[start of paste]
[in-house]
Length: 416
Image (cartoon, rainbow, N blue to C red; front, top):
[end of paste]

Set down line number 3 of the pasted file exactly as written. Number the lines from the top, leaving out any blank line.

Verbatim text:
Image (cartoon, rainbow, N blue to C red; front, top):